FORT DODGE - A jury found Tracey Richter guilty Monday morning of first-degree murder in the Dec. 13, 2001, shooting death of Dustin Wehde, 20, of Early.
At the time, Richter, now 45, said she was the victim of a home invasion. She said she was attacked by two men who tried to strangle her with pantyhose. Richter said she was protecting herself and her three young children when she shot Wehde nine times with two guns.
Prosecutors told a different story; they maintained Richter had helped author writings in a pink spiral notebook that implicated Richter's first ex-husband in a plot to kill her and the couple's son. Dr. John Pitman III was embroiled in a custody battle with Richter over their then-11-year-old son, Bert Pitman. Prosecutors said Richter, who was married to Early businessman Michael Roberts, was trying to gain an advantage in custody proceedings and continue to receive $1,000 a month in child support.
- Daily Freeman-Journal photo by Hans Madsen
Tracey Richter, center, is supported by defense attorney Karment Anderson, left, and Scott Bandstra, right, after being found guilty of first-degree murder in Webster County District Court Monday morning. Richter was convicted for the Dec. 13, 2001 shooting of Dustin Wehde in her Early, Iowa home.
Defense attorneys suggested Roberts might have been involved in the alleged home invasion. They also suggested the possibility that a man with whom Dustin Wehde's mother was having an affair, might have been the second intruder.
Richter, who had since moved to the Omaha area, was charged with murder earlier this year. Her trial was moved to Webster County at the request of her attorneys.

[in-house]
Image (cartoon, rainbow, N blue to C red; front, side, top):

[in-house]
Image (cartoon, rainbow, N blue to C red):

Sentencing is scheduled for Dec. 5 in a Fort Dodge courtroom. The sentence for first-degree murder is life in prison without parole. Jurors could have found Richter guilty of a lesser charge, second-degree murder.
Defense attorney Scott Bandstra told the court he would move for a new trial. He declined comment as he left the courthouse.
Richter buried her face in her arms after the verdict was read.
"It was a blessing," said Dustin Wehde's mother, Mona Wehde, following Monday's verdict, which she called "justice for Dustin."
"I knew that was what we should get. We thank everybody for their prayers, and God, and the jurors for seeing through the lies and hearing the truth. That's what we all waited for," Mona Wehde said.
Years ago, Mona Wehde said, she had heard her son's file was on a shelf, and she thought, "It doesn't matter. Nobody cares," and that was very hard.
However, everything changed about three years ago, she said, when she received a Christmas Eve phone call from Division of Criminal Investigation Special Agent Trent Vileta, who said he was investigating the case.
"We're really happy that the jury got it right," said Brad Wehde, of Fort Dodge. "It doesn't appear it was that difficult for them to get it right. That means a lot."
Brad Wehde's brother, Brett Wehde, was Dustin Wehde's father. Brett Wehde committed suicide in the aftermath of his son's murder.
"The verdict is not going to bring Dustin or Brett back," said Sac County Attorney Ben Smith, who initiated charges against Richter and was involved in her prosecution. He told members of the Wehde family that the verdict helped renew his sense of faith in the legal process, and he hoped it would do the same for them - albeit 10 years later.
Although defense attorneys attacked the investigative efforts of the DCI and local law enforcement, Smith said investigators "spent untold hours looking" for a second intruder.
"We put on as strong a case as we could, and a jury of her peers, based on the evidence, sided with the state," he said.
Smith relayed the verdict via telephone to Assistant Iowa Attorney General Doug Hammerand, who led the prosecution. Hammerand was trying a case in Story County Monday. Smith said he was "ecstatic," and told Hammerand, "We could not have done this without you."
Smith said he has devoted the last five months to preparing for this case.
"I've been doing nothing but this, literally nothing but this," Smith said.
He said upon taking office, after defeating incumbent Sac County Attorney Earl Hardisty, "I knew. I was convinced right away (this case) needed to get before a jury."
Hardisty, who did not bring charges during his six years in office, testified for the defense and was among witnesses who suggested law enforcement had done a poor job of investigating the shooting.
Jurors began deliberating at about 2 p.m. Friday afternoon. They recessed around 6 p.m. Friday night and resumed deliberations at 9 a.m. Monday. Announcement that they had reached a verdict was made around 10:30 a.m.